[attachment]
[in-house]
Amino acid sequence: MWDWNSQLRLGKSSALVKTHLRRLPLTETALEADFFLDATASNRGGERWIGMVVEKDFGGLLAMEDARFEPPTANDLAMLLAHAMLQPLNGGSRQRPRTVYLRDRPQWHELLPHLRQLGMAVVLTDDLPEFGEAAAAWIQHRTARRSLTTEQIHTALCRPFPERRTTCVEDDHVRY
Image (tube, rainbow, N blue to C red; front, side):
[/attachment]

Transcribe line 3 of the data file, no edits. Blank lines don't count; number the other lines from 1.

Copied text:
Image (tube, rainbow, N blue to C red; front, side):